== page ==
A Tennessee federal judge declined Friday to certify a class of investors who allege that private prison operator CoreCivic Inc. misrepresented its safety, security and rehabilitation standards, saying shares of the company didn’t decline when the supposed misstatements were first revealed.
Business immigration attorneys said they have mostly been able to conduct business as usual in spite of the federal government shutdown, though certain key programs remain inactive and low agency staffing levels have slowed down services.
The U.S. Supreme Court won’t hear oral arguments over evidentiary disputes in a case related to the Trump administration's inclusion of a question about citizenship status on the 2020 census, according to a Friday docket entry.
A Texas federal judge on Thursday vacated his previous order that a Texas county violated a man’s Fourth Amendment rights by holding him based on a detainer request from U.S. Immigration and Customs Enforcement, saying a subsequent Fifth Circuit ruling on a related matter left no other option.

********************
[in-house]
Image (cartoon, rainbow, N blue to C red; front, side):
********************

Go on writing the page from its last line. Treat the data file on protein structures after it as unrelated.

A California restaurant chain has agreed to pay $4 million to end a wage theft case pending before state labor regulators that alleges it underpaid about 300 immigrant workers, a legal group representing the workers has said.
The Trump administration is turning to the D.C. Circuit to protest a judge’s decision to scrap a policy established by former U.S. Attorney General Jeff Sessions that largely barred victims of domestic and gang violence from obtaining asylum, according to a notice filed Thursday.
The Trump administration has lost a bid to push back a case accusing it of unlawfully attempting to bar noncitizens who use certain public welfare programs from obtaining immigration benefits, with a Maryland federal judge noting the "significant ramifications" to residents' well-being if the case was halted during the government shutdown.